“Top-notch performances highlight this New Line production . . . I Love My Wife is a nifty little musical that is given a first-rate production by the folks at New Line Theatre. Because of the subject matter, I would consider it adults only but you’ll have a lot of fun and a lot of laughs at this one.” – Steve Allen, Java Journal
“Interesting and hilarious. Now, it's not as though there's a detailed plot for this show, but under Scott Miller and Alison Helmer’s direction, watching it all unfold and seeing how these individuals respond to the opportunity is an entertaining ride, well worth the price of admission. This show may be set in the 70s, but the themes are still relevant.” – Andrea Torrence, St. Louis Theatre Snob
“New Line Theatre jazzes up I Love My Wife. . . Having showcased their badness with Love Kills and The Wild Party, Scott Miller and his New Line Theatre, self-christened the Bad Boy of Musical Theatre, have decided to back off and just be a little naughty with their current offering.” – Bob Wilcox, KDHX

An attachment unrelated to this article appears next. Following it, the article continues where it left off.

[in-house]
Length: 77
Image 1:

It’s 1977. There’s no internet. No cell phones. No cable TV. Only three networks. And America is having a nervous breakdown.
I Love My Wife is a sex farce. But it’s also a lot more. This is a story about searching for meaningful human connection in the midst of massive cultural change, a theme as relevant now as it was thirty years ago. There were several musicals in the 1970s that were about this – Company, Follies, Pippin, The Me Nobody Knows, The Rocky Horror Show, A Little Night Music, Mack and Mabel, Runaways, and others.
I think this show is telling us that as fun as Free Love might have sounded, as exciting as the Sexual Revolution might have seemed, those were dangerous times emotionally, and only a really solid relationship, like a good marriage or a lifelong friendship, could be sturdy enough to get you through it. The 1970s were wild waters to navigate. It was only allegory in Rocky Horror but it was true in real life – the Sexual Revolution wore people out and left them feeling empty and alone.